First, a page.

Over the first 100 days of the war in Ukraine, France was the largest importer of Russian liquefied natural gas, the Finland-based research center found, while Germany bought the most Russian pipeline gas. China imported the most oil from Russia, and Japan imported the most coal.
As Western governments sought to pressure Moscow and many countries scrambled to wean themselves off Russian energy, the volume of Russia’s fuel exports fell 15 percent in May compared with the period before the invasion. But high fuel prices caused by rising global demand have kept money flowing into Moscow’s coffers, the report said, noting that Russia’s export prices were on average 60 percent higher than last year.
And a few countries increased imports of Russian fuel during the first 100 days of the war, including France, India, China, the United Arab Emirates and Saudi Arabia, the research center said.
France, Belgium and the Netherlands benefited from buying liquefied natural gas and crude oil on the spot market, it added. The purchases were made outside of preexisting contracts, “representing an active purchase decision,” according to the report.
The energy ministries of France and Belgium did not immediately respond to requests for comment early Tuesday. A spokesman for the Dutch Ministry of Economic Affairs and Climate Policy, Tim van Dijk, said in an emailed response that “it would be better to ask the companies which are involved as they know all the details.”
After weeks of negotiations, the European Union reached an agreement late last month to phase out Russian oil, but with an exception for pipeline deliveries as a concession to Hungary. The mounting evidence of war crimes and gruesome images of bodies lying in the streets of Bucha, in Kyiv’s suburbs, spurred the 27-nation bloc to announce a phaseout of Russian coal and debate an oil embargo.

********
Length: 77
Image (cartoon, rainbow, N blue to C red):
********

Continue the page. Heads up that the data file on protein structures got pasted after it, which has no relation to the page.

European Council President Charles Michel said the deal to end seaborne deliveries within months would cover more than two-thirds of oil imports from Russia, cutting off “a huge source of financing” for the Russian “war machine.”
The United States banned imports of Russian oil in March. On Sunday, President Biden blamed the Russian invasion of Ukraine for rising U.S. gas prices — which topped $5 per gallon on average nationally this weekend — telling reporters that it is “outrageous what the war in Ukraine is causing.”
Still, U.S. energy affairs envoy Amos Hochstein told lawmakers last week that Russia may be making more fossil fuel revenue than before the conflict, with global price hikes counteracting the effect of Western sanctions and demand higher than expected as coronavirus lockdowns ease around the world.
As Russia’s war in Ukraine propels already rising inflation in much of Europe to record highs, some European officials have called for steps to mitigate the rise in food and energy costs.
The Washington Post has previously reported that Russian President Vladimir Putin is digging in for a long war of attrition and seeking to use economic pressure, such as a blockade of Ukrainian grain exports, to erode Western support for Kyiv, according to members of Russia’s economic elite. The Kremlin hopes the West could lose focus in trying to counter the invasion, especially as global energy costs surge, The Post reported.
The U.S. director of national intelligence, Avril Haines, hinted at such concerns last month when she told senators that Putin is prepared for a prolonged conflict and “probably counting on U.S. and E.U. resolve to weaken as food shortages, inflation and energy shortages get worse.”